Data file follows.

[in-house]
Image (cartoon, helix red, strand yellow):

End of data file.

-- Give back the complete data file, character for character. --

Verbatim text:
[in-house]
Image (cartoon, helix red, strand yellow):